“Ward is an attentive and precise writer who dazzles with natural and supernatural observations and lyrical details… she continues telling stories we need to hear with rare clarity and power.”
—O, the Oprah Magazine
MacArthur “Genius Grant” recipient and two-time National Book Award-winner Jesmyn Ward has been hailed as the standout writer of her generation, proving her “fearless and toughly lyrical” voice in novels, memoir, and nonfiction. Betsy Burton of the American Booksellers Association has called her “the new Toni Morrison.” In 2017, she became the first woman and the first person of color to win two National Book Awards for Fiction—joining the ranks of William Faulkner, Saul Bellow, John Cheever, Philip Roth, and John Updike.
Ward’s first historical novel, Let Us Descend – to be published in October 2023 – tells the astonishing story of Annis, an enslaved teenage girl who is sold by her white father after being separated from her mother. Let Us Descend incorporates elements of Dante’s Inferno, magical realism, and slave narratives. It is a book about grief, resilience, imagination, and kinship, and stitches the Black American experience into the very land, exploring what lies beyond this world: in our lived experiences and after our deaths.
Ward’s stories are largely set on the Gulf Coast of Mississippi, where she grew up and still lives. When Hurricane Katrina slammed into the Gulf Coast, Ward was forced to evacuate her rapidly flooding home. Her writing is deeply informed by the trauma of Katrina, not to mention its unimaginable social and economic repercussions. Her novel Salvage the Bones, winner of the 2011 National Book Award, is a troubling but ultimately empowering tale of familial bonds set amid the chaos of the hurricane. Likewise, Ward’s debut novel, Where the Line Bleeds, depicts what Publishers Weekly calls “a world full of despair but not devoid of hope” in the aftermath of natural disaster.
A singular Southern odyssey that strikes at the heart of life in the rural South, Sing, Unburied, Sing, earned Ward a second National Book Award in 2017. Sing, Unburied, Sing is a road novel through Mississippi’s past and present that explores the bonds of a family tested by racism and poverty. Margaret Atwood called it a “wrenching new novel…[that] digs deep into the not-buried heart of the American nightmare. A must!” Sing was named one of the 10 Best Books of 2017 by The New York Times and Time. The Washington Post and Publisher’s Weekly also called Sing one of the year’s best books, and the novel nominated for the PEN/Faulkner Award, the National Book Critics Circle Award, and the Aspen Words Literary Prize.
“Ward’s [Sing, Unburied, Sing] is a true triple threat, expert in prose, human observation, and social commentary.”
Ward’s memoir, Men We Reaped, delves into the five years of Ward’s life in which she lost five young men—to drugs, accidents, suicide, and the bad luck that follows poor people and people of color. Lauded by Kirkus Reviews as a “modern rejoinder to Black Like Me [and] Beloved,” Men We Reaped is a beautiful and painful homage to Ward’s ghosts and the haunted yet hopeful place she calls home. Men We Reaped won the Heartland Prize and was a finalist for the National Book Critics Circle Award.
She is the also the editor of the critically acclaimed anthology The Fire This Time: A New Generation Speaks about Race, which NPR named one of the Best Books of 2016. Taking James Baldwin’s 1963 examination of race in America, The Fire Next Time, as a jumping-off point, this groundbreaking collection features essays and poems about race from the most important voices of our time—including Edwidge Danticat, Natasha Trethewey, Isabel Wilkerson, Mitchell S. Jackson, Kiese Laymon, and Claudia Rankine.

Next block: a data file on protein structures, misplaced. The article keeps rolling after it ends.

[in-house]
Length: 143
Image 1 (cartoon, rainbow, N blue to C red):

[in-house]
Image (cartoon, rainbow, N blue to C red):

In her talks, Ward shares her writing process and how her experiences growing up poor and Black in the South continue to influence her work. Ward’s book, Navigate Your Stars, is an adaptation of her 2018 Tulane University Commencement speech that champions the value of hard work and the importance of respect for oneself and others. As she said in her acceptance speech at the 2011 National Book Awards, “I understood that I wanted to write about the experiences of the poor, and the Black and the rural people of the South, so that the culture that marginalized us for so long would see that our stories were as universal, our lives as fraught and lovely and important, as theirs.”
Ward is a professor at Tulane University in New Orleans where she teaches creative writing. In 2016, she won the Strauss Living award, given every five years by the American Academy of Arts & Letters for literary excellence. In 2017, she was recognized with a MacArthur Foundation Genius Grant for her work “exploring the enduring bonds of community and familial love among poor African-Americans of the rural South against a landscape of circumscribed possibilities and lost potential.” In 2018, she was recognized among Time‘s 100 Most Influential People, and she is the winner of the 2022 Library of Congress Prize for American Fiction.
Ward received her MFA in creative writing from the University of Michigan, where she won five Hopwood Awards for her fiction, essays, and drama. She held a Stegner Fellowship at Stanford University and served as the Grisham Writer in Residence at the University of Mississippi. A member of Black Artists for Freedom and a contributing editor for Vanity Fair, she is at work on two additional new books: a novel for adults set in New Orleans at the height of the American slave trade, and a young adult novel about a Black girl from the South with supernatural powers.
For more information on Jesmyn Ward, please visit her on Twitter and at jesmynwardauthor.com.Download Jesmyn Ward's press kit here.